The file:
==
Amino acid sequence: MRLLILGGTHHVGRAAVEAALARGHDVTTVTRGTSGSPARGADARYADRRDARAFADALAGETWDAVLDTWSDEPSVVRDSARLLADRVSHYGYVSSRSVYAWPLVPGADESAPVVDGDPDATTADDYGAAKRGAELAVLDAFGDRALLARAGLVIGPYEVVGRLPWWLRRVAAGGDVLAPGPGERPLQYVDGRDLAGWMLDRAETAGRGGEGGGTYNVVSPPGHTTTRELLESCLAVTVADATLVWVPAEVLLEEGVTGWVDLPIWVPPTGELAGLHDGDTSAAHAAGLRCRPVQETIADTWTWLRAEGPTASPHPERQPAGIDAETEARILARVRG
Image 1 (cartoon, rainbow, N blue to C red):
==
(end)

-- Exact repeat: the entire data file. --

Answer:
Amino acid sequence: MRLLILGGTHHVGRAAVEAALARGHDVTTVTRGTSGSPARGADARYADRRDARAFADALAGETWDAVLDTWSDEPSVVRDSARLLADRVSHYGYVSSRSVYAWPLVPGADESAPVVDGDPDATTADDYGAAKRGAELAVLDAFGDRALLARAGLVIGPYEVVGRLPWWLRRVAAGGDVLAPGPGERPLQYVDGRDLAGWMLDRAETAGRGGEGGGTYNVVSPPGHTTTRELLESCLAVTVADATLVWVPAEVLLEEGVTGWVDLPIWVPPTGELAGLHDGDTSAAHAAGLRCRPVQETIADTWTWLRAEGPTASPHPERQPAGIDAETEARILARVRG
Image 1 (cartoon, rainbow, N blue to C red):